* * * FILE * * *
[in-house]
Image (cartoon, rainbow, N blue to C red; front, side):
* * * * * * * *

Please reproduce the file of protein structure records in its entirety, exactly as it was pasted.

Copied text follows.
[in-house]
Image (cartoon, rainbow, N blue to C red; front, side):